Until the early 1990s, comic book stores like these used to be a common sight in every neighborhood.
But times have changed with computers and the internet.
In the past 10 years, the country's comic book rental business shrank to less than 15 percent.
However the reduced business of comic book stores doesn't mean the appeal of Korean comics has waned.
A case in point is the "Priest" by Korean comic artist Hyung Minwoo, whose brainchild sold more than a million copies in 33 countries worldwide and is even being adapted into a feature film in Hollywood.
The list goes on with Park So-hee's "Princess Hours", which became a hit TV drama, Yang Gyungil's "New Royal Secret Commissioner" which spawned an animation film in Japan, and Yeolhyulgangho an online game.
"The fact that Korean cartoon artists are succeeding even in this lean market really demonstrates their competitive edge and potential. "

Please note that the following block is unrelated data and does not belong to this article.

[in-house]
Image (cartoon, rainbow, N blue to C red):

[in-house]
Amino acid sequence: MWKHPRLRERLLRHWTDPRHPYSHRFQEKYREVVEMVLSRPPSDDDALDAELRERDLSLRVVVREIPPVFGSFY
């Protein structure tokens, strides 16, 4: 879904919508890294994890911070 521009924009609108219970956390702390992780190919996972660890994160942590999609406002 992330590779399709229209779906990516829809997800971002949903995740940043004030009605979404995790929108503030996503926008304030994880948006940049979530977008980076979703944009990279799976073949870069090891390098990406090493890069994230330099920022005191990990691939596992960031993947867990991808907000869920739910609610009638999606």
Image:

Now they are getting some much-needed support with the backing of KOTRA, or the Korea Trade-Investment Promotion agency.
It has teamed up with the Korea Manwha Contents Agency to boost Korean comics as the next big cultural export following local dramas and pop music.
"I believe the aim of the project will be to promote joint comics creation with international artists and publishing mutually attractive content by drawing joint investment with overseas and Korean corporations.
The project to give a second wind to Korean comics will kick into high gear with the Bucheon International Comics Festival that kicks off on August 17th for a 5-day run.
Organizers hope the gala will help broaden the path for comic artists into the global market.
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